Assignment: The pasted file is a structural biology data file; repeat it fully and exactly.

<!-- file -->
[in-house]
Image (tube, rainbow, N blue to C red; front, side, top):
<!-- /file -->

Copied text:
[in-house]
Image (tube, rainbow, N blue to C red; front, side, top):